I think that’s what you kind of have to think about. That takes self-awareness. That takes emotional intelligence. At the end of the day, you’ve just got to think to yourself, “What can I do to help and not be a part of the problem?” You have to have a tremendous amount of patience, but you have to be patient with yourself and take yourself through certain steps and think like, “Man, this person might’ve been suffering from that.”
And it goes through a myriad of different issues. It could be color, it could be mental health, it could be gender, it could be sexual orientation, it could be religion. Certain things that put people at a disadvantage in our society today … if you’re questioning it, then you’re doing the right thing. If you’re questioning, ‘How can I help? How can I make an impact? How can I make a difference?’ then that’s the first step to self-awareness and making a difference.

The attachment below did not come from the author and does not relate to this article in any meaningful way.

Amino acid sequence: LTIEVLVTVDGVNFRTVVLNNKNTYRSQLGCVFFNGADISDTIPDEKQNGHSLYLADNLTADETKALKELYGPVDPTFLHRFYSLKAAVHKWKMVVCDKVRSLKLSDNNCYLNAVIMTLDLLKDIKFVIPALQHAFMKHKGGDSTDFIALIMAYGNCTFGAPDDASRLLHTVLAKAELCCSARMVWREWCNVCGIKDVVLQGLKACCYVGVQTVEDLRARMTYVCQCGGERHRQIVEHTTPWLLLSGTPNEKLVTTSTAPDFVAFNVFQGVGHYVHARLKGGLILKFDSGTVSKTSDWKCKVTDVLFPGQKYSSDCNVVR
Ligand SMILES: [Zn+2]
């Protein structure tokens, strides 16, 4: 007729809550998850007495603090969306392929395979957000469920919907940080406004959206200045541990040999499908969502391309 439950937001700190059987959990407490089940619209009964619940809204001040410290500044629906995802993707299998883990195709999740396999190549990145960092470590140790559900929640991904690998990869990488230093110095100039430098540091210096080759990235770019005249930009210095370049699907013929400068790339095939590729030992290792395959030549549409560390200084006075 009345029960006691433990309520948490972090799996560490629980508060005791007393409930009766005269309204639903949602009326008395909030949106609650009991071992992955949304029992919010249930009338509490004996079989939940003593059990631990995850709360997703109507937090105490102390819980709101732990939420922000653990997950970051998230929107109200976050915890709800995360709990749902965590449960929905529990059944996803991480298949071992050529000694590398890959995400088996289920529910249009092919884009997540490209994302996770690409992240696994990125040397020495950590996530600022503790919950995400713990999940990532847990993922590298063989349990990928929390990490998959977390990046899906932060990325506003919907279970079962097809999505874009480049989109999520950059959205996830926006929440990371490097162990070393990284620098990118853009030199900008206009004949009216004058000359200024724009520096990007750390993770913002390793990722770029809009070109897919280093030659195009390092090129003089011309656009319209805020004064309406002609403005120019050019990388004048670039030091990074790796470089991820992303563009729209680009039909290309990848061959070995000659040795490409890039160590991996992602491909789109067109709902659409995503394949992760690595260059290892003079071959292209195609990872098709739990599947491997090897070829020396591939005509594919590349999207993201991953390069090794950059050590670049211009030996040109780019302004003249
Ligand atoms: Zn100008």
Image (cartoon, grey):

I think it’s very little things. It’s not, “Oh, go and protest. Sign this petition. Donate money here.” No, it starts inside yourself. It starts inside your home. It starts at your dinner table. What are you telling your kids? What are you telling your family? How are you teaching them about the history of America and the inequalities that we see and we face? I think there are very simple steps that are actually going to be a lot more beneficial than some of these bigger things that we think that we can do. It’s actually just inside of your own head, inside of your own home, having that awareness.
For more from Ayanbadejo, listen to the full interview here:
Photo Credit: Courtesy of the Baltimore Ravens